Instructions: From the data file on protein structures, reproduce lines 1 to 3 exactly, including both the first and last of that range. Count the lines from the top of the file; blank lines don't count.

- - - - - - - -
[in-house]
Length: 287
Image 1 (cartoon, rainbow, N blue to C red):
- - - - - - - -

[in-house]
Length: 287
Image 1 (cartoon, rainbow, N blue to C red):